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Steelers put on a sorry exhibition in preseason finale vs. the Panthers Friday night

Did Mike Tomlin get any answers about his backups and depth in the Steelers 34-9 loss to the Panthers in the preseason finale at Bank of America Stadium on Friday? Yes, and they were all bad.

NFL: Pittsburgh Steelers at Carolina Panthers Jim Dedmon-USA TODAY Sports

What a stinker.

Perhaps it’s fitting that a bank owns the naming rights to the Panthers home venue—Bank of America Stadium—because Steelers head coach Mike Tomlin might want to apply for more time after the way his team played in a 34-9 beat-down at the hands of the Panthers in the preseason finale in Carolina on Friday night.

I realize that, like most preseason finales, Tomlin sat many of his starters, especially on defense, so it’s hard to truly take the performance seriously.

Don’t worry, I’m not, especially when you consider the fact that Panthers head coach Matt Rhule played most of his starters through the first half of the game. Still, though, weren’t you expecting a little more from the Steelers' backups on Friday night? Weren’t you hoping for a little more fight?

They say the preseason finale is often a showcase for a dozen or so men who are on the bubble as it pertains to making the final 53-man roster. If that’s the case, I’m pretty sure most of those fringe players had trouble sleeping after Friday night’s game.

Receiver Matthew Sexton, a youngster who appeared to be gaining momentum after a couple of monumental punt returns in games one and three of the 2021 preseason, certainly didn’t do himself any favors by muffing a punt early in Friday’s game. The Panthers recovered the gaffe deep in Pittsburgh territory and quickly turned it into seven points.

Sexton certainly didn’t do much after that to help his cause, save for the one or two times when he made the smart move by calling for a fair catch—something that I’m sure was done with great reluctance and with his NFL future flashing before his eyes.

However, Sexton was the least of my worries.

What about that battle for the backup quarterback spot? Dwayne Haskins, who started the final preseason game, clearly didn't do anything to separate himself from Mason Rudolph, not unless he intended to separate himself in the other direction. Haskins completed nine of 16 passes for 108, an interception and a 22-yard touchdown to Ray-Ray McCloud in the game’s final seconds.

I saved the touchdown pass for last because I’m wondering if it will be the final thing the Steelers’ remember about Haskins, who re-entered the contest late in the second half after Josh Dobbs suffered an injury, when they make their decision on the quarterback depth chart for 2021.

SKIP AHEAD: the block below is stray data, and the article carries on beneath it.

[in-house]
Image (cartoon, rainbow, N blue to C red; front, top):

Speaking of that touchdown, even that was a bit of a downer in the end, thanks to kicker Chris Boswell missing the subsequent extra point.

As for play-makers on defense, I sure didn’t see any. I guess some players stood out, like cornerback James Pierre and defensive lineman Isaiah Buggs, but not enough to be legitimate talking points for the writers, radio hosts and podcasters of the world.

The Steelers’ backup defense could do very little to stop Carolina’s first-string offense in the first half. That was to be expected, I guess, but what about that failure to slow down the Panthers’ backup offense in the second half?

Even the punting competition left a lot to be desired, as rookie Pressley Harvin looked human, averaging 42.3 yards per kick, while Jordan Berry looked like Jordan Berry and averaged 1.5 yards more per punt. (Btw, did I mention that Harvin was the holder on the failed extra point?)

Back to the offense, specifically the offensive line. How do you feel about that unit? Are you comfortable with Chukwuma Okorafor starting at left tackle? Are you concerned about the lack of playing time for Zach Banner, who is less than a year removed from suffering a torn ACL, at right tackle? Did rookie Dan Moore Jr. continue to progress in the preseason finale, or did he regress right along with everyone else?

I’m no expert on offensive line play, but I sure wouldn’t be surprised if it was the latter.

Again, it was just awful. The Panthers nearly doubled Pittsburgh in total yardage (404-221) and time of possession (36:14-23:46).

I know what you’re going to say, no, the game meant absolutely nothing. The Panthers appeared to have one agenda—getting substantial reps for their starters—while the Steelers had their own plan—a fact-finding mission about the quality of their backups. When discussing Pittsburgh’s mission, however, you might say it was incomplete.

No, Friday’s preseason capper meant nothing. Yes, it was just a glorified exhibition. But if the Steelers went into their fourth preseason game looking for answers about their backups and depth, they’re liking asking very different questions today.